Writing a retro 2D arcade game for Windows 8 using MonoGame

When I start using a new platform, I like to do one specific thing: write a version of Asteroids for it. I find that Asteroids is both simple enough to write quickly, but it is a good enough test of the 2D rendering features available. Also, I like Asteroids. Pew, pew, pew.. *crunch*.

Unfortunately, the last time I wrote a version of Asteroids, I received an email from some Men in Dark Suits asking me not to write versions of Asteroids, so these days I try to do something different. When it came to writing a game for Windows 8, I reached back to my youth and a computer called the BBC Micro, Model B. This was an 8-bit computer, based on the 6502 CPU, popular in schools in the UK.

Although it was always too expensive for me to actually own one, I played with the Beebs in my school quite a bit (and then went home to my ZX81, Jupiter Ace, borrowed ZX Spectrum, Amstrad CPC, or Amiga 500 depending on the year.). Anyway, one of my favorite games on the Beeb was called “Frack”. No wait, that’s not actually true – but Frack was a funny game. No, my favorite game (not counting Elite of course) was “Starship Commander”. This 2D game had you fly a space ship around, shooting other spaceships. So far, so the same, right?

What made “Starship Commander” different was that your ship stayed in the middle of the screen, always facing upwards, while the entire universe rotated and moved around it (now that makes me think of Futurama, and the way the Professor explained how the drive in the Planet Express Ship worked – Good news, everyone! It’s not impossible, merely improbable.).

This viewing angle provided a unique playing experience, and I wanted to pay homage – so I knocked up a game called “Sector 7G”. It’s available on the Windows Store right now - here's the link - in case you wanted to see what all this is about.



Sector 7G and MonoGame

I have previously written apps in JavaScript and HTML5, and C# and XAML, but it was clear that although very useful, these languages and frameworks are not ideal for gaming. I even wrote a version of Asteroids in C#/XAML (don’t tell!) but it felt clumsy. Yes, you can use the XAML canvas to position XAML controls (e.g. Image) but it wasn’t right. And yes, you can write really good games in JavaScript, using the HTML5 canvas. Now, I like JavaScript, but I find that I'm a sloppy programmer, and anything too large quickly gets me into a spaghetti coding nightmare. Also, call me old fashioned, but I like a language which supports returning more than one value from a method without getting all hacky about it. But that's just me. :)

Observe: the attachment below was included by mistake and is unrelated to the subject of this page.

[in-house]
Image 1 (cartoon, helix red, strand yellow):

So, clearly, it was time to learn DirectX.

Haha, no, only kidding. No, this time I decided to use MonoGame, the freely distributable replacement for the late, lamented XNA.

MonoGame is good at several things:

  1. Making it easy to set up a high performance game loop,
  2. Drawing sprites,
  3. Handling input (keyboard, touch),
  4. Playing sounds,
  5. Supporting C#.

Is that enough for a game? Heck, yes! And even better, MonoGame is cross-platform. Using various other tools such as Xamarin, you can publish your C#/MonoGame project game to iOS, Android and probably the Amiga too.

The Problem (or not.. )

The biggest catch with using MonoGame is the way it uses a “content pipeline”, which is a fancy way of saying all the images and sounds it uses must be converted into a special format. That means no PNGs or JPGs or WAVs, I’m afraid. And as MonoGame renders text as sprites, you need to do this for fonts too.

 Update: See the first comment. I missed the bit about there being support for Content Pipeline in MonoGame, although I've not been able to get it working properly just yet. You should definitely try it first, and if it doesn't work, try the following technique.

As far as I can tell, the only way to convert your files into this format is to use XNA. Which sounds nuts, because there is no XNA anymore: but there’s a solution: download the free Visual Studio 2010 Express  for Windows Phone  edition, as this version still supports creating XNA projects. Drag all your content into an XNA project, and hit build. The converted files will be created and you can then copy them directly from the build directory (when you dig down deep enough) into your project. Feels weird, but it works.